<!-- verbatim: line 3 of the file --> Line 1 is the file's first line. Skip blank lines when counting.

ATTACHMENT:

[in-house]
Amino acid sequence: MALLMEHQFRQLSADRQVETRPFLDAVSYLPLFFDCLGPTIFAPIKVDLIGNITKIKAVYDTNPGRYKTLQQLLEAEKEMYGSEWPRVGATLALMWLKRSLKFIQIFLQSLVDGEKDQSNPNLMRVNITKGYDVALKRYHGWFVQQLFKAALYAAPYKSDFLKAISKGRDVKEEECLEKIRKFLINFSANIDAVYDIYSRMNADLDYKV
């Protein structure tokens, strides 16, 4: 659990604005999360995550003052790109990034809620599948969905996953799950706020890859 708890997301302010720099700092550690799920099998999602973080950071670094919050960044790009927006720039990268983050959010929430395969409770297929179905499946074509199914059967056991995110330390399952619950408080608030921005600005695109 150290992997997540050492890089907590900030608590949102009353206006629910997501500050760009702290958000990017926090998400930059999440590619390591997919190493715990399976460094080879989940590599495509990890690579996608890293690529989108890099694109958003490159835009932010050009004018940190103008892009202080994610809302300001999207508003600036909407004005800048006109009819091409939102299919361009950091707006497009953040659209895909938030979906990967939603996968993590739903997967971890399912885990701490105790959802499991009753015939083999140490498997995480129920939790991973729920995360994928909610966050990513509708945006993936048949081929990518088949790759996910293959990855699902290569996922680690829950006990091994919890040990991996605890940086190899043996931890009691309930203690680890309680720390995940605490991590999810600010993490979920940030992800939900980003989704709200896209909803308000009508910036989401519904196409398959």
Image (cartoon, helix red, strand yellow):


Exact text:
């Protein structure tokens, strides 16, 4: 659990604005999360995550003052790109990034809620599948969905996953799950706020890859 708890997301302010720099700092550690799920099998999602973080950071670094919050960044790009927006720039990268983050959010929430395969409770297929179905499946074509199914059967056991995110330390399952619950408080608030921005600005695109 150290992997997540050492890089907590900030608590949102009353206006629910997501500050760009702290958000990017926090998400930059999440590619390591997919190493715990399976460094080879989940590599495509990890690579996608890293690529989108890099694109958003490159835009932010050009004018940190103008892009202080994610809302300001999207508003600036909407004005800048006109009819091409939102299919361009950091707006497009953040659209895909938030979906990967939603996968993590739903997967971890399912885990701490105790959802499991009753015939083999140490498997995480129920939790991973729920995360994928909610966050990513509708945006993936048949081929990518088949790759996910293959990855699902290569996922680690829950006990091994919890040990991996605890940086190899043996931890009691309930203690680890309680720390995940605490991590999810600010993490979920940030992800939900980003989704709200896209909803308000009508910036989401519904196409398959």